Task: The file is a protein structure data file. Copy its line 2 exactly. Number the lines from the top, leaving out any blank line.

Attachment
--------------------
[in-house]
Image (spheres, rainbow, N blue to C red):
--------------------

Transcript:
Image (spheres, rainbow, N blue to C red):